Mika Brzezinski On New Morning Joe Female-Focused Half-Hour and Ratings Race

MSNBC's Brzezinski to host events for women

Mika Brzezinski has become something of a poster child for navigating the rocky terrain of being a working mother.

After three best-selling books — the most recent, 2013’s Obsessed, explores her struggles with food and body image — Joe Scarborough’s able foil is expanding her brand on MSNBC with a series of conferences and her own female-focused half-hour on Morning Joe. The latter has been up and running unofficially at 8:30 a.m. for several weeks.

Guests booked for March include D.C. Mayor Muriel Bowser, Baltimore Mayor Stephanie Rawlings-Blake, Bobbi Brown and Arianna Huffington. And in April Brzezinski will hit the road with a series of conferences that dovetail with her book Knowing Your Value: Women, Money and Getting What You Want. The Know Your Value Tour will kick off in Philadelphia, followed by Washington, D.C., Chicago, Boston and Orlando, and feature panels of experts, keynotes and workshops designed to help women achieve the lives they want — at home and in the workplace.

The tour will be featured on MSNBC and also will have a robust internet extension (msnbc.com/know-your-value) that will include video streams of the conferences.

Last year, Morning Joe was overtaken by CNN’s New Day, which has bested Joe in the adults 25-54 demographic for seven months. CNN recently taunted the show with a full-page ad in The New York Times, but Scarborough brushes off the competition: “The people who watch our show run the world.”

Brzezinski and Scarborough reveal how the new segment came together, the ratings race and booking high-profile guests.

Hollywood Reporter:  How did the 8:30 segment evolve?

Brzezinski: It was Joe’s idea and something we’ve been talking about for years in different ways. Knowing Your Value really resonated, and still people come up and talk to me about it: the impact of women’s success, women breadwinners, on their lives and relationships.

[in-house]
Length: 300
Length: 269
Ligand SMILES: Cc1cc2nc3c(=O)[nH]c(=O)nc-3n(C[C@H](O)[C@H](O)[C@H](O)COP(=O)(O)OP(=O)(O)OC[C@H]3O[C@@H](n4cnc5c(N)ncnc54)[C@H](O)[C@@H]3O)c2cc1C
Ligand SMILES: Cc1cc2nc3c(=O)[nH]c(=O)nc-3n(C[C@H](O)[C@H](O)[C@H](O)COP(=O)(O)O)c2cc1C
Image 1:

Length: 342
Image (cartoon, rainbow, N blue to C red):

Scarborough: Everywhere we went people would go, “Let Mika talk more!” So we have really reversed roles here. Mika runs it, [and] I’m Mika’s sidekick. This is a great format for her to own, to grow, and one that she didn’t ask for, [but] one that [executive producer] Alex [Korson] and I wanted her to take on because we knew how great she is.

Why didn’t you want it?

Brzezinski: We actually had different ideas for the half-hour, and I didn’t think of myself [for it], which is funny because now I am asking women who get promotions, “How did you do it? Did you step up and ask for it?” This is just something that evolved and seemed like we needed to do it; it’s interesting and it’s time. These conversations keep popping up. We’re meeting more and more women who are confronting these issues.

There are several female panel shows in daytime now. Are you mindful of differentiating what you’re doing?

Brzezinski: It’s going to be a challenge, and we’re a work in progress and we’ll be transparent about that. I think the risk is to pander and to go for the low-hanging fruit and to do stuff that’s talky. We want to address substantial issues that impact women.

Scarborough: [At 8:30] Mika is coming on and she’s running it and I’m either in the control room or I’m her co-host. And we’ll have more of a focus on women’s issues, but it has to be consistent with the smart talk that we have the first two and a half hours.

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